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Looking for advice on QSharedMemory and threading
Kimon last edited by Kimon
So I am setting out on a project to emulate multiple embedded software applications on a normal desktop PC to help with debugging the application specific code and get some early qualification of the functionality before deploying to the hardware for my company. Our end goal is also to have these emulated applications to interact with one another, so I'm trying to plan early in the design https://speedtest.vet/ https://vidmate.bid/ process to make this happen. I want each embedded application to be its own process and was thinking of having them communicate with one another using QSharedMemory.
I don't have much experience with threading as well and need a little advice on how I should structure the threads that interact with the shared memory regions. So my question is if I have one emulated application interacting with 5 other applications that have bi-directional should I set up a QSharedMemory object for each direction between each app? So that would be 10 shared memory regions, 2 for each interface between the one app and it's interfacing app. If that's the case should I also dedicate a thread to each interface or should I have a two threads, one for reading all the shared memory regions and one for writing to all the shared memory regions? Also does QSharedMemory provide a mechanism to timeout if the thread wasn't able to acquire a lock after X attempts? I would like a feature like that in order to not delay getting data from other regions in case I put reading all shared memory regions in one thread.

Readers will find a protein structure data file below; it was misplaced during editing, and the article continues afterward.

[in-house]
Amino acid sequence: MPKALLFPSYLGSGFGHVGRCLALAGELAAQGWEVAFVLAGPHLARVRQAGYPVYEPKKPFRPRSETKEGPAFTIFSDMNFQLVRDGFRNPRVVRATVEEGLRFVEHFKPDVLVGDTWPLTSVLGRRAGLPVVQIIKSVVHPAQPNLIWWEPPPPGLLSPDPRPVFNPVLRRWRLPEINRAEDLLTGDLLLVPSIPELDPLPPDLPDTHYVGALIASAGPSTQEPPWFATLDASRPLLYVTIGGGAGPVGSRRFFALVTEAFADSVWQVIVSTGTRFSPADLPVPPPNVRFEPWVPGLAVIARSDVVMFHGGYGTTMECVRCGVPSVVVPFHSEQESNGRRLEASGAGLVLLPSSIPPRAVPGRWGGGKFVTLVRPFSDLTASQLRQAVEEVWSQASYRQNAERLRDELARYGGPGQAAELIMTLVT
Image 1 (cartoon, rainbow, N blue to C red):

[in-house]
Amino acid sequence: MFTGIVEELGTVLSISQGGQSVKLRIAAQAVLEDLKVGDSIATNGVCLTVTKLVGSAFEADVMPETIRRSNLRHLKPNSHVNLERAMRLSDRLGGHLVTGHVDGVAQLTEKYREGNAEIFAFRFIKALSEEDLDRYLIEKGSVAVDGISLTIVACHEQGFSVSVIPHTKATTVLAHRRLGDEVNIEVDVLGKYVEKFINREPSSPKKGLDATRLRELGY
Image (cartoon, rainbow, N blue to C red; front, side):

Hi and welcome to devnet,
How are these deployed embedded softwares supposed to communicate with each other ?
Kent-Dorfman last edited by Kent-Dorfman
The purpose of shared memory IPC is the have one shared region and govern who controls it via a semaphore/mutex. multiple regions quickly becomes too complicated to manage. define the substance of the communications between the apps FIRST, then decide on what type of IPC you should use. Don't commit to a technology and then try to justify its use.